"We had a meeting as a team this morning, and talked about this trip, the importance of the games. … It’s a great test for our group right now." — Dave Tippett, on Monday.
SAN JOSE — In the movies, the coach walks around the dressing room after practice, alternately challenging some players, berating others, and generally working his team into some kind of a tribal frenzy that results in retrieving their finest effort in the next game or games.
In real life?
"No, it’s not like that," said San Jose coach Peter DeBoer.
So a road trip that begins Tuesday night in San Jose — a building where Edmonton has not won a game in regulation since April 6, 2017, against a team that is 7-1-1 in its last nine games against the Oilers — opens with a fairly obvious challenge: two-year droughts against divisional opponents do not a top team make, so if Edmonton wants to consider itself a top team in the Pacific, figuring out how to win at The Shark Tank is mandatory.
After that, the Oilers visit Los Angeles, a team that is tied for 30th place in the NHL. When the shoes were on the other feet — when the Kings were a top team and the Oilers a doormat — L.A. never wasted two points on the Oilers.
Then, Las Vegas, a team that has won once in its last five games. Then Arizona, a difficult opponent that it is high time the Oilers figured out how to defeat. Then Colorado, a place you don’t want to walk into trying to salvage a road trip.
"All divisional games, and one conference game," said winger Zack Kassian. "Even though it’s only November, these are the points you want to grab. You want to set yourself going into American Thanksgiving — everyone knows what (revolves) around that. It’s an important week of hockey for us in here."
It starts against a Sharks team that somehow owns the Oilers, routing them 6-3 in this same rink exactly a week ago. In that game, the San Jose game plan of funnelling the puck back to the point, then crashing the net with effective puck-tippers was in full effect.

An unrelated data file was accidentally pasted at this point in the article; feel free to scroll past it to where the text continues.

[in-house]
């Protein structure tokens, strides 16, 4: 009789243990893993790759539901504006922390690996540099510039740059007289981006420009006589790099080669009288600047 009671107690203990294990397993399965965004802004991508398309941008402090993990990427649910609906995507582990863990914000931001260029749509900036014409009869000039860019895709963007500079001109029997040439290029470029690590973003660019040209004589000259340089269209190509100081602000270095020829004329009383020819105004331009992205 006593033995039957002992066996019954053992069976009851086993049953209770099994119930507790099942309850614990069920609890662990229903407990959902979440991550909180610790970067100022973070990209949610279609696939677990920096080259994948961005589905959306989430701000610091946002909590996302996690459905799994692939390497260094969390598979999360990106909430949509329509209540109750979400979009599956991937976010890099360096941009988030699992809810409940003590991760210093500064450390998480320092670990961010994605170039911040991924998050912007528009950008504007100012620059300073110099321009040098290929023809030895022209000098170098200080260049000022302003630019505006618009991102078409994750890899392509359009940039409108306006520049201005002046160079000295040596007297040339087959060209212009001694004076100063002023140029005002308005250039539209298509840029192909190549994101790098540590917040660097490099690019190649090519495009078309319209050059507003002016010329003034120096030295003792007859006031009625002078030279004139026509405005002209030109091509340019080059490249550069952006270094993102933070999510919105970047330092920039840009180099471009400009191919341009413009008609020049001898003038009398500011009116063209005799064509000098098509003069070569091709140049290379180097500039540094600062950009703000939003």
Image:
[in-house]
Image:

"They generate a lot off the point shot," began defenceman Darnell Nurse. "You cover them down low, they rim pucks out to their D, and their forwards are elite at (tipping) pucks. They have a really good recipe here that they’ve been using for a lot of years, no matter who is on the point or what line is on the ice.
"For us, the work and compete is going to have to be there first and foremost, because you know they come out hard each and every night, right off the bat."
This is the exact challenge that Tippett has referenced when he talks about the transformation from the old Oilers we have come to know, and the team he is starting to build. San Jose does not win with sorcery – everyone knows the way San Jose is going to play on Tuesday.
It is a matter of winning the battle along the boards so that the puck doesn’t get sent back to Brent Burns or Erik Karlsson for that deadly point shot. Or tying up the forward so they can’t deflect that puck. Be bigger, stronger, denying them a clear path to the slot, where they screen a goalie or change the puck’s direction.
Get the puck out of the zone and moving north, rather than allowing the zone time the Sharks feast on, when they start the game with the kind of energy the Chicago Blackhawks once had in old Chicago Stadium. A team Sharks GM Doug Wilson played for, if memory serves.
"In my four-and-half years here I think we’ve come out of a first period here ahead, maybe once," Kassian said. "The first 10 minutes, the first period, is crucial against these guys."
And the San Jose game plan?
"Sometimes, Burns and Karlsson are shooting five feet wide. But, there’s a stick there that’s re-directing it. That’s what makes them so dangerous."
The Sharks, meanwhile, are riding the other side of that inexplicable trend where one team just seems to have the other’s number. Edmonton has won both playoff series against San Jose over the years, but outside of that the Sharks just have a good mojo versus Edmonton.
"I don’t have an answer for that," said DeBoer. "For us, the message in our room is that this is a team above us in the standings that we have to hunt down. Playing against players like McDavid and Draisaitl, that challenge, gets the juices flowing in competitive people, and we have a lot of competitive people in there."
As for Nurse, don’t ask him if he’s sick of losing here.
"I never played a game where I liked losing," he said. "It doesn’t matter who, or how many times you lose to them. I’ve never met a guy in this league who likes losing."